The recommendation was further amended from 'Offer an ultrasound scan for detecting structural anomalies and examination of the four chamber view of the fetal heart and outflow tracts' to 'Offer women with diabetes an ultrasound scan for detecting fetal structural abnormalities including examination of the fetal heart (four chambers, outflow tracts and three vessels) at 20 weeks' as these views are recommended as part of the Fetal Anomaly Screening Programme.

Minor editing changes to reflect current NICE style.

Routine monitoring of fetal wellbeing before 38 weeks is not recommended in pregnant women with diabetes, unless there is a risk of intrauterine growth restriction.

Routine monitoring of fetal wellbeing (using methods such as fetal umbilical artery Doppler recording, fetal heart rate recording and biophysical profile testing) before 38 weeks is not recommended in pregnant women with diabetes, unless there is a risk of fetal growth restriction. [2008, amended 2015] (1.3.32)

Details have been added to the recommendation to make it clear which types of monitoring are being referred to – this recommendation does not refer to standard checks carried out by midwives. The term 'intrauterjne growth restriction' is outdated and has been replaced by 'fetal growth restriction'.

1.3.8.2 Women with diabetes should have contact with the diabetes care team for assessment of glycaemic control every 1–2 weeks throughout pregnancy.

Ensure that women with diabetes have contact with the joint diabetes and antenatal clinic for assessment of blood glucose control every 1–2 weeks throughout pregnancy. (1.3.35) [2008, amended 2015]

The term 'joint diabetes and antenatal clinic' has been used for consistency and clarity.

1.3.8.3

1.3.36

Details in table 1 (Timetable of antenatal appointments) have been amended to match changes to recommendations elsewhere in the guideline.

Minor editing changes to reflect current NICE style.

Babies of women with diabetes who present with clinical signs of hypoglycaemia should have their blood glucose tested and be treated with intravenous dextrose as soon as possible. (1.5.2.5)

Test blood glucose levels in babies of women with diabetes who present with clinical signs of hypoglycaemia, and treat those who are hypoglycaemic with intravenous dextrose as soon as possible. [2008, amended 2015] (1.5.11)

The GDG recommended adding the text 'those who are hypoglycaemic' for clarity.

Minor editing changes to reflect current NICE style.

Women who were diagnosed with gestational diabetes (including those with ongoing impaired glucose regulation) should be informed about the risks of gestational diabetes in future pregnancies and they should be offered screening (OGTT or fasting plasma glucose) for diabetes when planning future pregnancies. (1.6.2.5)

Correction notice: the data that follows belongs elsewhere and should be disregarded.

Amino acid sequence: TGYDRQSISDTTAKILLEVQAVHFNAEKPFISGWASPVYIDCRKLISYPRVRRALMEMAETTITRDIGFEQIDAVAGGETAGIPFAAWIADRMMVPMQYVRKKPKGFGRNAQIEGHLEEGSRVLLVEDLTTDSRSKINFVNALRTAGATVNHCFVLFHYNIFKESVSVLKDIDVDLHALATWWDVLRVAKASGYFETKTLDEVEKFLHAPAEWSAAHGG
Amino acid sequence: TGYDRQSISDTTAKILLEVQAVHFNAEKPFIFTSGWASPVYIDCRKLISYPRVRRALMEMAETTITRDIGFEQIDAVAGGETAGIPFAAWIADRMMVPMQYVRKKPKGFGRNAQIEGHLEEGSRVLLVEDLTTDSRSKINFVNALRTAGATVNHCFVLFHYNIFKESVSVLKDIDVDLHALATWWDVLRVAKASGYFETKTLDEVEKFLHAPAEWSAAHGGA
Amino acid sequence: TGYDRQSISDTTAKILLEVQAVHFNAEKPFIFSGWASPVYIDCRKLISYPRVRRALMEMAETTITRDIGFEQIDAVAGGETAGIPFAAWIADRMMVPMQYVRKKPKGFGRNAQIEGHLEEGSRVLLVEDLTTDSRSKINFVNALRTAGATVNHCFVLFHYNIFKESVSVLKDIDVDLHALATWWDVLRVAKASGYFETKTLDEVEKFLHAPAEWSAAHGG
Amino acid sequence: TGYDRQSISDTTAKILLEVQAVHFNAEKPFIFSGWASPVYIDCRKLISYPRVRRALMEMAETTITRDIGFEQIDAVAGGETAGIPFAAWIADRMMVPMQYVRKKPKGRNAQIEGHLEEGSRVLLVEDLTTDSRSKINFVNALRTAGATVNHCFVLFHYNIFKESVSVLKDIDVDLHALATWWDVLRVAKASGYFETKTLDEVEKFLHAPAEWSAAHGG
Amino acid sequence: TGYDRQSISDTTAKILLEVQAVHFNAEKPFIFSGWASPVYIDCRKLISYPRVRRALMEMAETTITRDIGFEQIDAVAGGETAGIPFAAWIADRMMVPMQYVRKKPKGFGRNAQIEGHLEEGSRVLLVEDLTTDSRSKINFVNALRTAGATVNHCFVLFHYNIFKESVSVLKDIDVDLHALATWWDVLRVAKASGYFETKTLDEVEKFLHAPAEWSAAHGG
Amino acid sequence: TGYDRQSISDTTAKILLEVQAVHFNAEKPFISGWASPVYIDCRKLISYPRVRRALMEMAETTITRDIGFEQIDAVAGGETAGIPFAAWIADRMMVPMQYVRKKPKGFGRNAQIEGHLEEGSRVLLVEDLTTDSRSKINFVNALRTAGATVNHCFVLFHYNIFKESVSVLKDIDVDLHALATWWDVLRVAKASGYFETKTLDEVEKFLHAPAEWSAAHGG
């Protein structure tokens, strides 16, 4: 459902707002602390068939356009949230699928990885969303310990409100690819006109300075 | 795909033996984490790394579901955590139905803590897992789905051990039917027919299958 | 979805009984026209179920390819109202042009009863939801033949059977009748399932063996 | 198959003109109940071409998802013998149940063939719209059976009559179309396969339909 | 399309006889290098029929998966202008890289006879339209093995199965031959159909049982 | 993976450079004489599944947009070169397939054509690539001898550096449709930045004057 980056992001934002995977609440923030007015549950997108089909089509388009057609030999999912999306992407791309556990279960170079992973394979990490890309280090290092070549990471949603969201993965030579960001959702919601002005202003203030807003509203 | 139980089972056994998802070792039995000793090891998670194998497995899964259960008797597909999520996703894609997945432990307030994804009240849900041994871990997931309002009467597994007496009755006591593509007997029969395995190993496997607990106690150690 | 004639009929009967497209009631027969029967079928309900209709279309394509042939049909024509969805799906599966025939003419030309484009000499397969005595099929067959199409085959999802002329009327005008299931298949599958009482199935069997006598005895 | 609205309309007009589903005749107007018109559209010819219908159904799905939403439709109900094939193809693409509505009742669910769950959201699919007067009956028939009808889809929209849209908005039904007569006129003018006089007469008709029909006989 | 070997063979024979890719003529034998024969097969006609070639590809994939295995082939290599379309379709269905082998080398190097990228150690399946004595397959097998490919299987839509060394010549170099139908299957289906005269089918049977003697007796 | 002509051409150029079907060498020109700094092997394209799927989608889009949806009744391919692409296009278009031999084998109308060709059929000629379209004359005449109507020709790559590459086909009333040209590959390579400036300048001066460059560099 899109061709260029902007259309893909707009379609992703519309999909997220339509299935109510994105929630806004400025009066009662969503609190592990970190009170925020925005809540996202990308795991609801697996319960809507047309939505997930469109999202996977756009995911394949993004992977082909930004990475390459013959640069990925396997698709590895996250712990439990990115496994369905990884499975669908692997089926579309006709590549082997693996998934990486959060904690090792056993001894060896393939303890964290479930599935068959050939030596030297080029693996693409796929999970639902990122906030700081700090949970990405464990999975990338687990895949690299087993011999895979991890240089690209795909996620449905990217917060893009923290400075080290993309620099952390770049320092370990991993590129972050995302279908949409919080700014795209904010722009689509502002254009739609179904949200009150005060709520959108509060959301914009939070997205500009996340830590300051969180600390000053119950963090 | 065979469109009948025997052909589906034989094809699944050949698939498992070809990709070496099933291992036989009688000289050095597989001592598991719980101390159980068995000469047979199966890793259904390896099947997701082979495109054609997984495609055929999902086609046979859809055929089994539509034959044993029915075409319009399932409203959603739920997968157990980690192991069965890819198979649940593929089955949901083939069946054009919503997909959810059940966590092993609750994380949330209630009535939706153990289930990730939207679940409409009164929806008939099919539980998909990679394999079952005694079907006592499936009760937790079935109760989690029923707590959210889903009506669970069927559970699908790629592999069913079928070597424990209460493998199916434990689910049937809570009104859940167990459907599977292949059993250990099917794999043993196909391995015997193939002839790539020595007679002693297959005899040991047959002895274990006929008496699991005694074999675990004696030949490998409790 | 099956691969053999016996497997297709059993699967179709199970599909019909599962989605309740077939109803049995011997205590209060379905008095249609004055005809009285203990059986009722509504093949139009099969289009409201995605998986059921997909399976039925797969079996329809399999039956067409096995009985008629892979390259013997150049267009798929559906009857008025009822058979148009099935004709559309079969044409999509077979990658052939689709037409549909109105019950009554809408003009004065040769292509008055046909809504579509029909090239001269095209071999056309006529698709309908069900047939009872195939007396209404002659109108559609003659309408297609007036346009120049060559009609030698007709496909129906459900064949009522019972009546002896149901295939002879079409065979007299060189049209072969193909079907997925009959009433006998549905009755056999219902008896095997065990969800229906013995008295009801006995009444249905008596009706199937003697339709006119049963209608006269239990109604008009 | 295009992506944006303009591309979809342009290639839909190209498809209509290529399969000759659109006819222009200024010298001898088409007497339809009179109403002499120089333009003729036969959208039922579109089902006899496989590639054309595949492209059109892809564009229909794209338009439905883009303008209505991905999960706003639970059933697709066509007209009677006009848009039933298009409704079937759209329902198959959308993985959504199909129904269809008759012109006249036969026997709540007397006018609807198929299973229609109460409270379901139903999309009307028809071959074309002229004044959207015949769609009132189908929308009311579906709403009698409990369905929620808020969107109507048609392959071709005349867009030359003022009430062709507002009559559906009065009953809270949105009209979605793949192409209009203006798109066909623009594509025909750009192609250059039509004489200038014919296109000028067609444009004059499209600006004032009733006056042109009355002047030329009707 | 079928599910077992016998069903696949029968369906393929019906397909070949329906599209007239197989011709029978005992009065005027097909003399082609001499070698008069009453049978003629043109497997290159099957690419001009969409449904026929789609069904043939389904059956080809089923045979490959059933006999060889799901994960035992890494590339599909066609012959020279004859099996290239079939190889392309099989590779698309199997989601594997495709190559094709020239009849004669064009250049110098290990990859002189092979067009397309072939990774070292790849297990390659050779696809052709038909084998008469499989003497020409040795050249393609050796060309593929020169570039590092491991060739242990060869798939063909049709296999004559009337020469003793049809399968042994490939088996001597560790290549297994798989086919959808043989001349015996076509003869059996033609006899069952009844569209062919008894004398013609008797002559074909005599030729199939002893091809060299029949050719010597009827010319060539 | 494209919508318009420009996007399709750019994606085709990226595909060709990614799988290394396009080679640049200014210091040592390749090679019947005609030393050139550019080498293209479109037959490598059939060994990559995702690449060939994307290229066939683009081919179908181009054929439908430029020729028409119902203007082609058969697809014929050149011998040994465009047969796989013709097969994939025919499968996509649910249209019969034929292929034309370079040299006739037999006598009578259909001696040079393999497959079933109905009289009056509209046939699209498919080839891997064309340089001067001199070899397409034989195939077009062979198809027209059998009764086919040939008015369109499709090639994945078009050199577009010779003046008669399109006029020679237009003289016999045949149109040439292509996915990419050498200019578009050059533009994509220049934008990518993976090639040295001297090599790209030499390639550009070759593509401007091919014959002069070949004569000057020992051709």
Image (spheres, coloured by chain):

Explain to women who were diagnosed with gestational diabetes about the risks of gestational diabetes in future pregnancies, and offer them testing for diabetes[b] when planning future pregnancies. [2008, amended 2015] (1.6.10)

The text '(including those with ongoing impaired glucose regulation)' has been removed because it did not make sense: women with 'ongoing impaired glucose regulation' need ongoing surveillance and care from the diabetes care team. This recommendation was intended for women who have no evidence of glucose intolerance after birth.

A verb has been changed because 'screen' and 'screening' are now used in NICE guidelines only in relation to national screening programmes.

The text '(OGTT or fasting plasma glucose)' has been removed and a footnote giving a link to WHO criteria for diagnosing diabetes has been added. This is for consistency with current practice for diagnosing diabetes.

Minor editing changes to reflect current NICE style.

Women who were diagnosed with gestational diabetes (including those with ongoing impaired glucose regulation) should be offered early self‑monitoring of blood glucose or an OGTT in future pregnancies. A subsequent OGTT should be offered if the test results in early pregnancy are normal (see recommendation 1.2.2.4). (1.6.2.6)

Offer women who were diagnosed with gestational diabetes early self‑monitoring of blood glucose or an OGTT in future pregnancies. Offer a subsequent OGTT if the first OGTT results in early pregnancy are normal (see recommendation 1.2.6). [2008, amended 2015] (1.6.15)

The text '(including those with ongoing impaired glucose regulation)' has been removed because it did not make sense: anyone with 'ongoing impaired glucose regulation' needs ongoing surveillance and care from the diabetes care team. This recommendation was intended for women who have no evidence of any glucose intolerance after birth.